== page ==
In the comment thread of a previous post ("A Conversation with the CFO of Destiny Media"), a commenter raised questions about the company's dispute with Yangaroo (TSX Venture: YOO.V). I had asked Fred Vandenberg, Destiny Media's CFO, for an updated statement on the dispute, and today he e-mailed me one. Here it is:
On the Patent Dispute:
The uncertainty and doubt you bring up regarding Yangaroo's Canadian patent and US patent application is a nuisance and it is unfortunate that we have to invest any resources at all in this matter. We are, however, very confident in a successful outcome of the Canadian litigation we initiated. We have gone through extensive legal reviews which appear to support this belief. We believe that our system existed first (this being the most salient reason we could not infringe) but we also believe, and consistent with our counsel’s advice, that we simply do not have the essential features in their patent. Further, to accommodate our global expansion, the Play MPE system expands and evolves over time and while we believe there would be no infringement at any point in time, we believe it would be exceedingly (and more) difficult to find infringement over the breadth of time.
If you come across anything from Yangaroo directly which states, or suggests, that we do infringe, or on what possible basis we do infringe, I would be interested in seeing this.
The MPE system was developed by Destiny in 1999 and we received a US patent granted with a priority date of March 2000. This is also filed with WIPO (world intellectual property organization). This is also cited as prior art in Yangaroo's US patent application. Presumably, the examiner reviewing their application has differentiated our patent from their patent.
Per the points posted on your blog:a) The patent has not kept us from operating the Play MPE system on a commercial basis in Canada.
b) It appears that Yangaroo may shortly receive a patent in the US. Yangaroo has made our US customers, most notably EMI and Warner (see press release February http://www.wmg.com/news/year/2009/sortBy/desc/newspage/4), aware of this pending US patent. Thus both EMI and Warner Music Group undertook internal and external legal reviews. Destiny had extensive discussions with both counsels. Both, subsequent to their respective legal reviews, chose to sign agreements with Play MPE and both continue to use our system on a commercial basis. We believe they would only do so if they were comfortable that there is no infringement. This is in addition to our agreement with Universal Music Group. http://new.umusic.com/News.aspx?Year=2008 (see June 6, 2008 press release by Universal).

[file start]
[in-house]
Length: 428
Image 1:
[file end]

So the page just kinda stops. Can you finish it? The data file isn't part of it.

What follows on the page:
[Below] are some links for further information: We had initiated the lawsuit in Canada to establish through the courts that we do not infringe as a direct consequence to threats made by Yangaroo's management to potential customers that were interested in using our MPE system. Yangaroo had threatened certain labels with lawsuits and going so far as to say it was "illegal" to use our system.
Fred Vandenberg also added this in a separate e-mail:
On CEO/CFO Purchases:
You had mentioned that you had noticed Destiny’s CEO and CFO have been buying shares so I checked and over the course of the last two years we (Steve [Vestergaard, Destiny's CEO] at over 330,000 and myself at 130,000) have purchased more than 460,000 shares which represents approximately $290,000 (Cdn currency) in addition to our existing holdings. This is more than a full year’s compensation for the combination of us. In the same time period, Cliff Hunt and John Heaven, Yangaroo’s CFO and CEO respectively, have purchased less than $20,000 (Cdn) of Yangaroo shares representing approximately 5% of their annual salaries.